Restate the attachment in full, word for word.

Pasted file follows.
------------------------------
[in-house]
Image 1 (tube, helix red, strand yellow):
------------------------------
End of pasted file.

[in-house]
Image 1 (tube, helix red, strand yellow):